Sex Workers’ Lived Experiences With COVID-19 on Social Media: Content Analysis of Twitter Posts

Peer reviewed: 
Yes, item is peer reviewed.
Scholarly level: 
Graduate student (Masters)
Final version published as: 

Al-Rawi, A., & Zemenchik, K. (2022). Sex Workers’ Lived Experiences With COVID-19 on Social Media: Content Analysis of Twitter Posts. JMIR Form Res, 6(7), e36268. https://doi.org/10.2196/36268.

Date created: 
2022-07-14
Identifier: 
DOI: 10.2196/36268
Keywords: 
Sex work
Social media
COVID-19
Pandemic
Twitter
Infodemiology
Social stigma
Sex worker
Risk
Public health
Abstract: 

Background: The COVID-19 pandemic has drawn attention to various inequalities in global societies, highlighting discrepancies in terms of safety, accessibility, and overall health. In particular, sex workers are disproportionately at risk due to the nature of their work and the social stigma that comes alongside it.

Objective: This study examines how public social media can be used as a tool of professional and personal expression by sex workers during the COVID-19 pandemic. We aimed to explore an underresearched topic by focusing on sex workers’ experiences with the ongoing COVID-19 pandemic on the social media platform Twitter. In particular, we aimed to find the main issues that sex workers discuss on social media in relation to the COVID-19 pandemic.

Methods: A literature review followed by a qualitative analysis of 1458 (re)tweets from 22 sex worker Twitter accounts was used for this study. The tweets were qualitatively coded by theme through the use of intercoder reliability. Empirical, experimental, and observational studies were included in this review to provide context and support for our findings.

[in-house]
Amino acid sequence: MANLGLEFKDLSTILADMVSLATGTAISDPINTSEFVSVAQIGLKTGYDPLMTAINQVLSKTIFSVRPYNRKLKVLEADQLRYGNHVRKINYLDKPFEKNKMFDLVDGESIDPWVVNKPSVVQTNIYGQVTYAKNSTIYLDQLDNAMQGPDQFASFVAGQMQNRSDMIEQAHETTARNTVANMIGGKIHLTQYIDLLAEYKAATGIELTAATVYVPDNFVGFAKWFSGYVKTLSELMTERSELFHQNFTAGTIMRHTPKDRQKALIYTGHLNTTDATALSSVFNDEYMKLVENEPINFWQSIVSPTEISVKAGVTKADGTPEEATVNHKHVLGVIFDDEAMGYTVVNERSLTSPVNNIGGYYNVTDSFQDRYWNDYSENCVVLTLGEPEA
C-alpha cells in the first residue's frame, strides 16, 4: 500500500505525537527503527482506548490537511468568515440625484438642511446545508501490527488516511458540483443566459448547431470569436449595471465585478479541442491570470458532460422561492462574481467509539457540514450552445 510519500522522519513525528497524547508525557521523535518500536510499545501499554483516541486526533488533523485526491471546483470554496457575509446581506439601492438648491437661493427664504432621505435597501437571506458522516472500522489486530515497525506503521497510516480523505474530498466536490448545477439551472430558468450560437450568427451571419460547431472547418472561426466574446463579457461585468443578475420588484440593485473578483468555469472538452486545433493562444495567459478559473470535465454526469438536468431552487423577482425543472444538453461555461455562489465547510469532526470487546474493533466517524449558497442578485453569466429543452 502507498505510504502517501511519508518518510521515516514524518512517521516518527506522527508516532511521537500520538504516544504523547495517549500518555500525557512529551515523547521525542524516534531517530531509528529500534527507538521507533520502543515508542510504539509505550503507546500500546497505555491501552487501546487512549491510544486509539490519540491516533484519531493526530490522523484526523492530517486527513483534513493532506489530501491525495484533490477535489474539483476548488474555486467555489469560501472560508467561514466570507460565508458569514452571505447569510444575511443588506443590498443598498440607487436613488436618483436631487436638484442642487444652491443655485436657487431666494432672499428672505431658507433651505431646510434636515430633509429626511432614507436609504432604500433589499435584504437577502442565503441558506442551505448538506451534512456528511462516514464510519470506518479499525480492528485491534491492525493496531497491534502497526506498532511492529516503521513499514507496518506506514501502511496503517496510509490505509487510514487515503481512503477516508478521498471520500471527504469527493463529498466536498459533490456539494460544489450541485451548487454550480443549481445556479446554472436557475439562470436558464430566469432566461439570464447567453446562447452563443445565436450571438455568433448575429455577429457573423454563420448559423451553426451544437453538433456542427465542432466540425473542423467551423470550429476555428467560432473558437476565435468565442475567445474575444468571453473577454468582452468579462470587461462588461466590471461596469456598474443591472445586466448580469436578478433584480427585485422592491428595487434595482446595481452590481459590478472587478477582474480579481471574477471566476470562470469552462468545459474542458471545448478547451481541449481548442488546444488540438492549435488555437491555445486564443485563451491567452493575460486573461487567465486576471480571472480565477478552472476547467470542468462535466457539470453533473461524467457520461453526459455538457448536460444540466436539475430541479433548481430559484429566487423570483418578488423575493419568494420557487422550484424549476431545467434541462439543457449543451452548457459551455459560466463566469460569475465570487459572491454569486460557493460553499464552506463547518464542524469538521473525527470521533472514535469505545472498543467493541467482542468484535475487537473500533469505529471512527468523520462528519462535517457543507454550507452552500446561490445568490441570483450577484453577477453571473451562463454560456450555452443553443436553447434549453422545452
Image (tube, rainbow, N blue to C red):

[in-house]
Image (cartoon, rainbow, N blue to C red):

Results: In total, 5 major categories were identified as a result of the content analysis used for this study: concerns (n=542, 37.2%), solicitation (n=336, 23.0%), herd mentality (n=231, 15.8%), humor (n=190, 13.0%), and blame (n=146, 10.0%). The concerns category was the most prominent category, which could be due to its multifaceted nature of including individual concerns, health issues, concerns for essential workers and businesses, as well as concerns about inequalities or intersectionality. When using gender as a control factor, the majority of the results were not noteworthy, save for the blame category, in which sexual and gender minorities (SGMs) were more likely to post content.

Conclusions: Though there has been an increase in the literature related to the experiences of sex workers, this paper recommends that future studies could benefit from further examining these 5 major categories through mixed methods research. Examining this phenomenon could recognize the challenges unique to this working community during the COVID-19 pandemic and potentially reduce the widespread stigma associated with sex work in general.

Language: 
English
Document type: 
Article
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